And again, immigration is a historical phenomenon. People keep coming for multiple reasons – crises in Central America, not only in terms of violence, but also economic crises. But then, when they get to the border, they see that there is the construction of border walls, that there is no more Border Patrol. Populated areas are sealed off so people cannot cross between Juárez and El Paso, so they have to hire some of these coyotes to take them further into the deserts, into the mountains, where these immigrants are more at risk. So this is nothing new. I mean, it comes first because the border has been militarized over the past 20 years.

JEANS GONZÁLEZ: And in terms of potential, now that there is a – Democrats control, or control very little, both the House and the Senate, as well as the White House, for any kind of legal reform that would bring order. and humanity to immigration policy in the United States, what is the outlook looking like right now, from what you can tell?

FERNAND GARCA: Yeah, again listen, I believe this administration has – they had very good intentions. Biden won this election by 70% of Hispanics voting in this country. And at the top of the Hispanic and Latino community’s agenda is immigration reform. I mean, people are asking for the legalization of the 11 million people already in the United States and also to establish some kind of process where we can actually bring in workers and families legally so that we don’t have to keep going. going through these pushes, you know, from people crossing the border. So, again, we expect this to happen.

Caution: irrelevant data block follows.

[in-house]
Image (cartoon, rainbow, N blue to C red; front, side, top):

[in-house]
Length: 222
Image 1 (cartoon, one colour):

But, you know, I think I’m very concerned about the way this administration, it is not prepared, or was not prepared, to deal with the situation at the border. I mean, for four years Trump destroyed everything at the border, I mean spent so much money on the border wall that there are no asylum officers or even asylum judges who can really speed up the process for these children and families. So, if this administration, if it does not put enough resources very quickly on the ground here – I mean, it is necessary, like, the creation of reception centers, for example, where we can surround these families of services, access to health care, access to legal support – if we don’t do it quickly, it can become a problem, a political problem. Apparently, this is already a problem for this administration. Then, whenever they go to Congress to discuss immigration reform, these Republicans will continue to use that situation to derail any solid and systemic immigration reform. I mean, again –

AMY GOOD MAN: We only have 30 seconds, but, Fernando, can you tell us where exactly this money should go? I mean, the idea of ​​turning it away from these detention centers and building that detention infrastructure versus the nonprofits that are used to treating migrants humanely?

FERNANDO GARCA: No, this is not going to resolve itself. It will be solved by nonprofits and community efforts like us. I mean, we do a lot. What we need is a solid investment from this government in creating what I mentioned, these reception centers. They are not detention centers run by ICE or Border Patrol or any private entity. We want government institutions to create reception centers where they can effectively provide enough resources for these families and for these children, and also expand the sponsorship program, including having families to sponsor these children who come through them. themselves. And finally – I think we’ve said this before – I mean, we need more resources at the entry points. We need more asylum officers and judges. We don’t have that at the border. That is why we know about this backlog in these detention centers housing children and families.

AMY GOOD MAN: Fernando García, we would like to thank you for being with us, founding director of the Border Network for Human Rights, based in El Paso, Texas.

On our return, the latest news regarding calls for the resignation of New York Governor Andrew Cuomo. Stay with us.